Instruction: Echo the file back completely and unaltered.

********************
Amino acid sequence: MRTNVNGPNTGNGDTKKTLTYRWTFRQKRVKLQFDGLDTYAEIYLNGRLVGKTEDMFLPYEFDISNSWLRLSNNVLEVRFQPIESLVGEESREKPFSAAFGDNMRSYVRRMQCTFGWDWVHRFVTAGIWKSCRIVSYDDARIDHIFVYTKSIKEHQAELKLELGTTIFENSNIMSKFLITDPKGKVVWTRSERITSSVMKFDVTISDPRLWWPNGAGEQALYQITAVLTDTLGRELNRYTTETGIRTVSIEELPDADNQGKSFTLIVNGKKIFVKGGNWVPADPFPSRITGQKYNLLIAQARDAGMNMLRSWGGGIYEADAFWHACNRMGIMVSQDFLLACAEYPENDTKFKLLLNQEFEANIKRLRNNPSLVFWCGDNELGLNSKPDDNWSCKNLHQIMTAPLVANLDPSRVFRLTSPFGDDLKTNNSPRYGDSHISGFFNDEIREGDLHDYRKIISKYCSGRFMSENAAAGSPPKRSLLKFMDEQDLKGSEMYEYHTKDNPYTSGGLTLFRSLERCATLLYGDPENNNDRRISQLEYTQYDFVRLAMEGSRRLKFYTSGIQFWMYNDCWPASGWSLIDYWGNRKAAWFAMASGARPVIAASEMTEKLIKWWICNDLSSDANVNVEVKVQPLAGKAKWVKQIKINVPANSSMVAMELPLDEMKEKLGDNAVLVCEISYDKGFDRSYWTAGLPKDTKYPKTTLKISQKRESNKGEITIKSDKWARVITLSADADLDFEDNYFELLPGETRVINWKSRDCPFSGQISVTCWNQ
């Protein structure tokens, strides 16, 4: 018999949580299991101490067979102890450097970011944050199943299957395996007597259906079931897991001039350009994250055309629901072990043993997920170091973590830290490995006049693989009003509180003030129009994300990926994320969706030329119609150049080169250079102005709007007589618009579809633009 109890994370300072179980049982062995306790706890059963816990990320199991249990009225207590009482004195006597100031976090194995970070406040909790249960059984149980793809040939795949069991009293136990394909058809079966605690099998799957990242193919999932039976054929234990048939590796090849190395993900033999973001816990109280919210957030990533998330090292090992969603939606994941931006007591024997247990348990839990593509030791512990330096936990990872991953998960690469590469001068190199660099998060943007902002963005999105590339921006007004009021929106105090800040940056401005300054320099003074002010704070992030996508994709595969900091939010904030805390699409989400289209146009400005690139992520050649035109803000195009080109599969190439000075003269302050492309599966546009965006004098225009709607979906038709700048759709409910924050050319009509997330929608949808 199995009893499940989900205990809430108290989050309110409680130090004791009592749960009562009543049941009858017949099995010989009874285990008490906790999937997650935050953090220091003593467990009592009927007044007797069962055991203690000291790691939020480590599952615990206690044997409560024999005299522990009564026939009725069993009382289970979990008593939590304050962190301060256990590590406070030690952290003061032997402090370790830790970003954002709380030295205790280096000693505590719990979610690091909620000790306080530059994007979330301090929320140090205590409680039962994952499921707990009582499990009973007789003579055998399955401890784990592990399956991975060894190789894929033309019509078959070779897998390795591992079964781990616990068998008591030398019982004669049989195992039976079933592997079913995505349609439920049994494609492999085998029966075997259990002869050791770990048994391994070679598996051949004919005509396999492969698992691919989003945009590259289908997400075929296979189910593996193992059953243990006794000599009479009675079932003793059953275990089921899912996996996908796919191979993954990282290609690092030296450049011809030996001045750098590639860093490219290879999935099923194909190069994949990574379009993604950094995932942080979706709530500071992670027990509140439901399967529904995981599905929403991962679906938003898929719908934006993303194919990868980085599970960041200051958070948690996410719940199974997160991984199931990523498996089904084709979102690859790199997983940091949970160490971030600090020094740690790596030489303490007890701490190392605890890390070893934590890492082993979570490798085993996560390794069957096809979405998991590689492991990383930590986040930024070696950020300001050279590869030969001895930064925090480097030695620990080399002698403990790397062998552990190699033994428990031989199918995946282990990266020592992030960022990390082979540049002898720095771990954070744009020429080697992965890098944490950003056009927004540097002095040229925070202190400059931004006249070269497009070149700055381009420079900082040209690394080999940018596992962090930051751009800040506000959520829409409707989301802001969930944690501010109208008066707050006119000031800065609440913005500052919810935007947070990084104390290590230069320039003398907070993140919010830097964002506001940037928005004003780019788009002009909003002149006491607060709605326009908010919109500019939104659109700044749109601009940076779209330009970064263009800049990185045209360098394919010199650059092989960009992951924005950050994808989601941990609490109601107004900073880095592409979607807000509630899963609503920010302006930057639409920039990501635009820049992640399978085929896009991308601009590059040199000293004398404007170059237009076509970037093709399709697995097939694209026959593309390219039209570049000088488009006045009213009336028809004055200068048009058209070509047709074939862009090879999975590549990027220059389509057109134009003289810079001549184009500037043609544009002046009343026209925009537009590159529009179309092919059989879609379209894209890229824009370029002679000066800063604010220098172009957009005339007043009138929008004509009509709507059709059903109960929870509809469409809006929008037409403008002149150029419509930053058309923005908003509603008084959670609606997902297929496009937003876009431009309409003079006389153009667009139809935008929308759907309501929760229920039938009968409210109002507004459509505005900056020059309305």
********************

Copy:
Amino acid sequence: MRTNVNGPNTGNGDTKKTLTYRWTFRQKRVKLQFDGLDTYAEIYLNGRLVGKTEDMFLPYEFDISNSWLRLSNNVLEVRFQPIESLVGEESREKPFSAAFGDNMRSYVRRMQCTFGWDWVHRFVTAGIWKSCRIVSYDDARIDHIFVYTKSIKEHQAELKLELGTTIFENSNIMSKFLITDPKGKVVWTRSERITSSVMKFDVTISDPRLWWPNGAGEQALYQITAVLTDTLGRELNRYTTETGIRTVSIEELPDADNQGKSFTLIVNGKKIFVKGGNWVPADPFPSRITGQKYNLLIAQARDAGMNMLRSWGGGIYEADAFWHACNRMGIMVSQDFLLACAEYPENDTKFKLLLNQEFEANIKRLRNNPSLVFWCGDNELGLNSKPDDNWSCKNLHQIMTAPLVANLDPSRVFRLTSPFGDDLKTNNSPRYGDSHISGFFNDEIREGDLHDYRKIISKYCSGRFMSENAAAGSPPKRSLLKFMDEQDLKGSEMYEYHTKDNPYTSGGLTLFRSLERCATLLYGDPENNNDRRISQLEYTQYDFVRLAMEGSRRLKFYTSGIQFWMYNDCWPASGWSLIDYWGNRKAAWFAMASGARPVIAASEMTEKLIKWWICNDLSSDANVNVEVKVQPLAGKAKWVKQIKINVPANSSMVAMELPLDEMKEKLGDNAVLVCEISYDKGFDRSYWTAGLPKDTKYPKTTLKISQKRESNKGEITIKSDKWARVITLSADADLDFEDNYFELLPGETRVINWKSRDCPFSGQISVTCWNQ
């Protein structure tokens, strides 16, 4: 018999949580299991101490067979102890450097970011944050199943299957395996007597259906079931897991001039350009994250055309629901072990043993997920170091973590830290490995006049693989009003509180003030129009994300990926994320969706030329119609150049080169250079102005709007007589618009579809633009 109890994370300072179980049982062995306790706890059963816990990320199991249990009225207590009482004195006597100031976090194995970070406040909790249960059984149980793809040939795949069991009293136990394909058809079966605690099998799957990242193919999932039976054929234990048939590796090849190395993900033999973001816990109280919210957030990533998330090292090992969603939606994941931006007591024997247990348990839990593509030791512990330096936990990872991953998960690469590469001068190199660099998060943007902002963005999105590339921006007004009021929106105090800040940056401005300054320099003074002010704070992030996508994709595969900091939010904030805390699409989400289209146009400005690139992520050649035109803000195009080109599969190439000075003269302050492309599966546009965006004098225009709607979906038709700048759709409910924050050319009509997330929608949808 199995009893499940989900205990809430108290989050309110409680130090004791009592749960009562009543049941009858017949099995010989009874285990008490906790999937997650935050953090220091003593467990009592009927007044007797069962055991203690000291790691939020480590599952615990206690044997409560024999005299522990009564026939009725069993009382289970979990008593939590304050962190301060256990590590406070030690952290003061032997402090370790830790970003954002709380030295205790280096000693505590719990979610690091909620000790306080530059994007979330301090929320140090205590409680039962994952499921707990009582499990009973007789003579055998399955401890784990592990399956991975060894190789894929033309019509078959070779897998390795591992079964781990616990068998008591030398019982004669049989195992039976079933592997079913995505349609439920049994494609492999085998029966075997259990002869050791770990048994391994070679598996051949004919005509396999492969698992691919989003945009590259289908997400075929296979189910593996193992059953243990006794000599009479009675079932003793059953275990089921899912996996996908796919191979993954990282290609690092030296450049011809030996001045750098590639860093490219290879999935099923194909190069994949990574379009993604950094995932942080979706709530500071992670027990509140439901399967529904995981599905929403991962679906938003898929719908934006993303194919990868980085599970960041200051958070948690996410719940199974997160991984199931990523498996089904084709979102690859790199997983940091949970160490971030600090020094740690790596030489303490007890701490190392605890890390070893934590890492082993979570490798085993996560390794069957096809979405998991590689492991990383930590986040930024070696950020300001050279590869030969001895930064925090480097030695620990080399002698403990790397062998552990190699033994428990031989199918995946282990990266020592992030960022990390082979540049002898720095771990954070744009020429080697992965890098944490950003056009927004540097002095040229925070202190400059931004006249070269497009070149700055381009420079900082040209690394080999940018596992962090930051751009800040506000959520829409409707989301802001969930944690501010109208008066707050006119000031800065609440913005500052919810935007947070990084104390290590230069320039003398907070993140919010830097964002506001940037928005004003780019788009002009909003002149006491607060709605326009908010919109500019939104659109700044749109601009940076779209330009970064263009800049990185045209360098394919010199650059092989960009992951924005950050994808989601941990609490109601107004900073880095592409979607807000509630899963609503920010302006930057639409920039990501635009820049992640399978085929896009991308601009590059040199000293004398404007170059237009076509970037093709399709697995097939694209026959593309390219039209570049000088488009006045009213009336028809004055200068048009058209070509047709074939862009090879999975590549990027220059389509057109134009003289810079001549184009500037043609544009002046009343026209925009537009590159529009179309092919059989879609379209894209890229824009370029002679000066800063604010220098172009957009005339007043009138929008004509009509709507059709059903109960929870509809469409809006929008037409403008002149150029419509930053058309923005908003509603008084959670609606997902297929496009937003876009431009309409003079006389153009667009139809935008929308759907309501929760229920039938009968409210109002507004459509505005900056020059309305």